8 Steps to Developing a Health IT Security Training Program

November 14, 2016

Avoid having problems with data protection. Here are eight steps to take to develop and support an effective IT security training program.

This year, Verizon released a "Data Breach Investigations Report" and noted that healthcare data breaches were most likely to be caused by human error. In its analysis of 2015 breaches, Verizon identified the following as significant contributors:

• Lost and stolen assets, such as laptops and smartphones;

• Sending sensitive information to the wrong person;

• Use of weak, default or stolen passwords; and

• Opening malicious attachments or nefarious links in an email.

In a press release, the executive director of global security services for Verizon Enterprise Solutions, said, "You might say our findings boil down to one common theme - the human element."

While your staff members are likely your practice's top source of vulnerability when it comes to your falling victim to a cyberattack or data breach, they also represent your first line of defense. That's why it's critical to make data security a priority for your practice, if it's not already. To do so requires development of an IT security training program that keeps data security high on your staff's list of responsibilities.

Here are eight steps to take to develop and support an effective IT security training program.

1. Define IT training program goals. This vital step in planning your training will specify what you want your staff to learn and reduce the likelihood of omitting critical information to cover during training. Outline the specific aspects of IT security your staff needs to learn to be smart, compliant users of technology. These goals will serve as a framework to create your training and help identify different mediums you will use to deliver training.

2. Secure leadership support. To develop an effective training program will require substantial work up front. Executing and maintaining the program will require ongoing work. Leadership must be educated on the importance of IT security training and support efforts in this area. Poor support could lead to a lack or reallocation of resources, which is likely to contribute to an incomplete program that leaves a practice more vulnerable to security threats.

3. Identify gaps and opportunities. You likely have some components of IT security already in place at your practice, such as assigning passwords to access computers and the use of anti-virus software. Perform a risk assessment to identify where security gaps exist, which should include analysis of any IT training you provide and opportunities for improvement.

4. Understand staff roles and their vulnerabilities. Depending upon how your staff members' IT privileges and roles are established, they likely can access some programs used by your practice, and may have restrictions on their ability to access other programs. It is important to understand which of your staff members can access your programs, define their roles in using these programs and then identify associated vulnerabilities. For example, if a staff member with access to the EHR has his account breached, it could lead to theft of protected health information. Your training program should include guidance specifically related to staff roles and vulnerabilities.

5. Deliver education on security policies and procedures. It's not enough to just have security policies and procedures. Staff members need to receive education on your policies and procedures when they start working at your practice. They should also receive re-education as part of annual training and whenever policies or procedures undergo changes. Also consider including IT discussions during all staff meetings. This will help keep security at the front of staff members' minds.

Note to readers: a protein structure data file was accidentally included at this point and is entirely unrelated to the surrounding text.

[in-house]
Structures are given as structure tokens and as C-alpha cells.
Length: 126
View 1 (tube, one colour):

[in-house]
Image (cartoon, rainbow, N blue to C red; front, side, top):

6. Focus on ramifications. Within your training, it's important to teach staff what to do and not to do. Hit home the importance of following these rules by including discussion of the ramifications of their failure to follow instructions, such as the penalties associated with HIPAA violations.

7. Implement cross-training. It's great to have IT "superusers" at your practice - staff members with the most knowledge about your programs and technology, and people that other staff can approach with questions. But one potential downside of superusers is a practice that relies heavily on these individual(s) is often left scrambling to replace knowledge lost when superusers leave a practice. Help overcome this obstacle by making cross-training part of your training program. Cross-training can help develop more superusers, or at least more knowledgeable technology users. This will reduce the likelihood of IT-related errors and make a practice less vulnerable if employment of a superuser ends.

8. Keep current. Cybercriminals work around the clock to find new ways to breach IT systems and steal data. Practices must stay abreast of new threats and the processes that keep technology and data safe and secure. As you come across news and resources on IT security, share the information with your staff (via email, newsletter, bulletin board, etc.), and then discuss the most significant developments during staff meetings.

The more informed you are about cybersecurity, the better prepared your practice will be to protect itself from threats and respond effectively and appropriately to cyberattacks.

Nelson Gomes is the president and CEO of PriorityOne Group, a New Jersey-based healthcare IT consulting firm. Gomes has more than 25 years experience in IT, including 20 specifically in health IT, providing services to medical practices, ambulatory surgery centers, and clinics.